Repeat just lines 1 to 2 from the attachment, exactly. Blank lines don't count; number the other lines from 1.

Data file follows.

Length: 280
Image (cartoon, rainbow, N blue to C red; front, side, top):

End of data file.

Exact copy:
Length: 280
Image (cartoon, rainbow, N blue to C red; front, side, top):